Balancing love of God and love of family
A Reflection for Tuesday of the Twenty-fifth Week in Ordinary Time
Today’s reading is one of the most surprising, and even disturbing, in the entire New Testament. To understand why, it’s important to set the scene, which is mirrored in the other synoptic Gospels, Mark and Matthew.
Why are Jesus’ mother and extended family in Capernaum, Jesus’ home base for his ministry in Galilee? Why have they come all the way from Nazareth, a difficult journey of a day or so, to this town on the shores of the Sea of Galilee? We find the answer in Mark 3:21: “When his family heard it [meaning news of his preaching and healing], they went out to restrain him, for people were saying, ‘He has gone out of his mind.’” Other translations from the Greek say that his family wanted to “seize” or “arrest” him.
Let that sink in for a moment: Jesus’ extended family was so disturbed by what he was doing that they traveled all the way from their hometown to the Sea of Galilee to “restrain him.”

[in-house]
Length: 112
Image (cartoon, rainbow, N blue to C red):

“For Jesus, ties to the Father were more important than ties to his family.”
Once they reach Capernaum, what happens? They are standing outside of his home (most likely Jesus’ own house: Mark calls Capernaum “his own town”). In response, Jesus says, as we read today, “My mother and my brothers are those who hear the word of God and act on it.”
This is a remarkable incident for those who think that Jesus’ family (even his mother) always understood him. It takes nothing away from Mary’s holiness or her constant love for him (or what was revealed to her at the Annunciation) to say that even she seemed surprised by his public ministry.
Perhaps even more important is Jesus’ response, which puzzled me for many years. How could he say these blunt words about his mother and family? Not long before he died, New Testament scholar Daniel J. Harrington, S.J., explained it to me in his trademark clarity: “For Jesus, ties to the Father were more important than ties to his family.”
Jesus loved his mother and she loved him. He loved his family and they loved him. Loving our families is part of being a good Christian. But as Jesus shows us, loving God, with all that entails, even if our family doesn’t understand that priority, comes first.